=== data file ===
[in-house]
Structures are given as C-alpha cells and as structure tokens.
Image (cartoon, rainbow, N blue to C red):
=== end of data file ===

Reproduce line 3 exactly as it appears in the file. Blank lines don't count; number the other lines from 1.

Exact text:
Image (cartoon, rainbow, N blue to C red):